A Review of The Figaro Murders

The Figaro Murders, Laura Lebow’s debut novel, is a work of historical fiction focused on the life of Lorenzo da Ponte. While he is now known for his work with W.A. Mozart on famous operas such as Le nozze di Figaro, da Ponte takes on quite a different role here. The theater poet finds himself in quite the predicament when he is forced to investigate a murder.


Set briefly before the premiere of Le nozze, da Ponte agrees to help his barber friend Vogel locate his adoptive parents. In his search, he ends up at the house of the barber’s employer, right before a murder occurs. Due to his proximity to the event and to the members of the household, he is selected to find the murderer and bring him to justice.


This murder mystery also contains many historical facts, numerous moments of intrigue, a world premiere of a famous opera, and even a sort of love story. Fans of Mozart and da Ponte’s most famous work will love the elements of Le nozze that pop up throughout the novel. Beyond that, readers will gain a wealth of knowledge about the poet’s life. Although he may not have really been involved in a murder investigation, he did head to Vienna after being exiled from Venice, wrote an opera with Mozart’s famous rival Salieri, and did indeed have problems with his teeth.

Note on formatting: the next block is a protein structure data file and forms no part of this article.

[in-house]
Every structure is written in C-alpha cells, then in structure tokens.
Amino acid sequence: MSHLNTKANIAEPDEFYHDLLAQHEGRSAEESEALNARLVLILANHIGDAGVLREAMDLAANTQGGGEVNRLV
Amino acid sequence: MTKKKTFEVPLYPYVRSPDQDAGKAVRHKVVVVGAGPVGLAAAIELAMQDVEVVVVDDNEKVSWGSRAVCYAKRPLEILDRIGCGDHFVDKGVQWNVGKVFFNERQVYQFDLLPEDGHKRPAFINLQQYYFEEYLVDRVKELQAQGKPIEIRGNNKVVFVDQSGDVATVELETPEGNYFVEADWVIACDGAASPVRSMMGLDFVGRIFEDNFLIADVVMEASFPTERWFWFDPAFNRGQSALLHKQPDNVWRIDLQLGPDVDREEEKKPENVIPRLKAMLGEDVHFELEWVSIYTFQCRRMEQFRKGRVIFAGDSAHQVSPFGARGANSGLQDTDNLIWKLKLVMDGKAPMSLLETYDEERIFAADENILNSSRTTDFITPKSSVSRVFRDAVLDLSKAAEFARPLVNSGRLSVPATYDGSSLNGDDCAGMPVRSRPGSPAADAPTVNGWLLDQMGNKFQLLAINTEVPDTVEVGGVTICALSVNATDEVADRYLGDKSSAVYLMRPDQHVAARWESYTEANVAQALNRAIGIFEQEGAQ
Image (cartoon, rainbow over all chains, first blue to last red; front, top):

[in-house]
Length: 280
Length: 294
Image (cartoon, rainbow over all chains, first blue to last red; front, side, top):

Lorenzo da Ponte, The Figaro MurdersThe history contained within this novel is easily the number one reason to read it. Anyone who has any interest in da Ponte’s life or in the history of Le nozze di Figaro would enjoy this book. Others may read it to build a new understanding of Le nozze di Figaro itself. Virtually every character involved in the mystery has a direct parallel to a character within Le nozze. Furthermore, each character’s storyline mirrors their operatic counterpart in some (usually darker) way. Although this is a work of fiction, it makes an interesting read from a character study standpoint.


At times, it seems that this new author became a bit overzealous with her plot ideas. She jams so many storylines into one book, it can occasionally be difficult to follow them. It also can leave the mystery aspect of the novel feeling neglected. However, in the “Finale” section of the book, the mystery really picks up again, and the reader is left with a reasonably satisfying ending.


Overall, anyone who enjoys historical fiction, operatic stories, Le nozze di Figaro, or is just looking for an entertaining book to read would be pleased with The Figaro Murders. It seems a sequel is already scheduled for the librettist’s investigative duties. At this point, it would be pretty safe to say that this reader will want to know what happens next.


You can purchase a copy of The Figaro Murders through this link.



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